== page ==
A new task force dedicated to examining Boston’s tax system for nonprofit institutions, including Boston University, met for the first time Monday in a new effort toward reforming the way nonprofits pay the city.
Mayor Thomas Menino appointed the task force to examine a system that allows nonprofits to apply for tax-exempt status and negotiate their own tax payments in ‘payment in lieu of taxes’ agreements.
The current PILOT program ‘allows the city to tax up to 25 percent of the institution’s liability were it considered taxable,’ according to a Jan. 28 press release from the mayor’s office.
The city of Boston relies primarily on property taxes to generate revenue, but 53 percent of land in Boston is tax-exempt. In the face of economic trouble, the current system needs to be restructured, the press release said.
‘This task force is not just about generating new revenue,’ Menino said in the press release. ‘This task force is about creating equity in our PILOT agreements, from in-kind services to scholarships and other community opportunities. A new formula to ensure fairness is necessary.’
BU President Robert Brown was appointed to the task force. Other members include representatives from the business and healthcare communities, labor organizations and area universities.
‘One of the issues is that the payments, how they are currently structured, dates back to the 1970s, and there wasn’t the sense that there was some sort of standard to enforce across the board between institutions,’ Menino spokesman Nick Martin said.
Councilor-At-Large Stephen Murphy’s spokesman, Seth McCoy, said that because so much of Boston’s land is tax-exempt, residents carry an unfair amount of the city’s financial burdens.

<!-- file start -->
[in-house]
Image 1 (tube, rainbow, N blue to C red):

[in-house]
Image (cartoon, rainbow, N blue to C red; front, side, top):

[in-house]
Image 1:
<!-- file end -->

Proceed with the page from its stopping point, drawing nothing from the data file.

‘The goal would be to have tax fairness, and if that means collecting more money from non-profits, then yes, that would be the case,’ McCoy said when asked if universities should specifically be expected to pay more in taxes.
McCoy said property taxes are a burden for residents in the poor economy. A deal needs to be reached in which nonprofits contribute to the city’s budget in an equitable way, McCoy said. The more property universities purchase, the more the city must rely on the property taxes of residents.’ ‘ ‘ ‘ ‘
‘We think it’s great that non-profits contribute the way that they do to the city, but we can’t continue to let homeowners be priced out of their homes that they’ve lived in for 20, 30, 40 years because non-profits are buying up taxable property,’ McCoy said.’ ‘ ‘ ‘ ‘ ‘
In fiscal year 2008, PILOT collected $31.4 million dollars, according to the press release from the mayor’s office.
Some university officials worry that a drastic change in the system would leave universities responsible for paying millions more to the city and consequently passing those costs on to students.
BU spokesman Colin Riley said the university pays more than $4.6 million a year to the city in lieu of taxes. In contrast, Northeastern University pays $30,751, according to a Dec. 10 Boston Globe article.
Riley said that BU has a good relationship with the city, but he is weary of the effect that a new taxation system might have on students.
‘Whenever there are additional costs to the university, the students will bear at least some of those costs,’ Riley said.